http://heidicaillierdesign.com/

Instagram: @heidicaillierdesign

about-michelle-yorke-interior-designer.jpg

Michelle Yorke

of Michelle Yorke Interior Design, is my Barbara Barry designer of Seattle. We recently worked on her submission to the 2019 Design House Northwest for Fred Hutch. Her space was selected for participation, and I can’t say what space it is yet, but I will tell you it’s true to her aesthetic and principals as a designer. I’m truly blessed to have been a part of her process for such an amazing charity. Michelle also has a service offering design in 90 days. I’ve done some renderings for one of those projects, and it’s nothing short of magic completing a stunningly well designed space so quickly.

https://michelleyorkedesign.com/

Instagram: @michelleyorkedesign

IMG_0807.jpeg

Holly Karkouti

of Houseometry, a SoCal designer, was the first designer to consistently send me work. It seems like a whole other lifetime when we began our working relationship. I’ve been working with her for so long that we are now starting on second homes for some of the first clients I’ve helped her with. She has an amazing knack for detail, and almost always has a quick mock up done for any art installation to make sure it’s just right.

https://houseometry.com/

9G3A8761.jpg

Andrea Wachs

of Andrea Wachs Interior design, located in Tucson, originally brought me on to help with drawings for an estate that is nothing short of a resort. That evolved into many other projects over the years ranging in size, but each one still had resort like details woven throughout. I’m convinced with every project she sends me that there isn’t a house in Tucson built with a 90 degree angle in it. Oh and that first project, she won two ASID awards for it.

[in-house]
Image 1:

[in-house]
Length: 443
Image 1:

https://andreawachs.com/

Instagram: @andreawachs_interiordesign

Hi-res-headshot.jpg

Tiffany McKinzie

Tiffany McKinzie Interiors, was the first of many Texas designers to follow. She is the only designer to date that I’ve ever met in person, and if I had the time I’d be on my way to Dallas in March to see her again, and celebrate with her on the debut of her first private label textile and wallcovering line with Effe. I’ve probably done a million tile drawings for her, among many layouts and renderings, but her tile game is on point. I wouldn’t be surprised if tile ends up being her next endeavor.

http://tiffanymckinzie.com/

Instagram: @tiffanymckinzie

So it’s seven years later, my business has grown. I’m still in touch with all of these designers, and still help some with projects. We cheer each other on in our success, and at times it even becomes therapeutic. They have been a wealth of knowledge, and have all been so wonderful to refer other designers to me. I couldn’t have picked a better group to launch my business with. All my loves….

Sarah Durnez2 Comments